About the Baltic Identity

Baltic Identity Tour by the FilmNet Interreg South Baltic project

 

In Newsletter No. 1, we wrote about film screenings as a part of the activities within the FilmNet project  – about “Baltic Identity Film Tour”. Such shows and discussions have already taken place in all partner countries, and the Baltic Sea Culture Center from Gdańsk has prepared an Activity Report. What were the results?

The main question we tried to answer is: what is the common Baltic identity and does it exist at all, despite many differences between our countries?

The tool that was used to study the identity elements of the inhabitants of the Baltic countries – was, of course, the film. Partners from each country have selected short films (not earlier than in 2016) – and together they chose about a 100-minute set of films, each of them individually selected for public screening and film discussion (with experts and the audience). All films were discussed in details, often induce heated debate about their connection with the map of concepts.

Nevertheless, several common thematic areas were identified in the selection process, forming groups of related films from all partner countries. These issues include: present, cultural code, individual identity, past.

There were a total of 2 shows in Germany, 1 in Sweden, 1 in Lithuania and 2 in Poland. What are the conclusions?

As the authors of reports from shows and discussions state: at all meetings, the discussants were sceptical about the existence of the Baltic identity. It’s not easy to find the answers through the films. They emphasize the differences between more than common features.

It can, therefore, be said that the effect of these meetings was a kind of “discrepancy protocol” – differences in the history, mentality and customs of the citizens of individual countries. Therefore, it is worth to consider if the searching/building a joint part between the Baltic Sea countries should not start from a geographically lower-level – regional level determined in one way or another by the Baltic Sea (in psychosocial, economic and tourist terms, maybe also historical).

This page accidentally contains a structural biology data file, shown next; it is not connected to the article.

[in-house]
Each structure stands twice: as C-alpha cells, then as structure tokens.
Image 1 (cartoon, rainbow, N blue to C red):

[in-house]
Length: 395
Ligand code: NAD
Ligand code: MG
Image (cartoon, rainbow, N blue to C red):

In sum: experience from the film shows and discussions (and quite common scepticism of interlocutors regarding the Baltic community/identity) inclines to go dawn on the lower level of the debate, and at the same time strongly associated with the Baltic Sea, which in this case becomes a geographical but also a cultural centre of experience of the Baltic regions.

if the film it’s supposed to be an image of the problems of the community living in this region and also the starting point for a more monophonic discussion (and comparable inference), it is worth considering whether to choose films that directly refer to the Baltic Sea and regional communities located around it – Prof. Krzysztof Kornacki Institute of Culture Research Gdańsk University

More information in the Report “Baltic Identity Film Tour” http://www.nck.org.pl/en/publications/publications